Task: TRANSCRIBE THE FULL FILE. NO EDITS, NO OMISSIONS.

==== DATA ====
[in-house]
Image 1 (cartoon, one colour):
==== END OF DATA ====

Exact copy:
[in-house]
Image 1 (cartoon, one colour):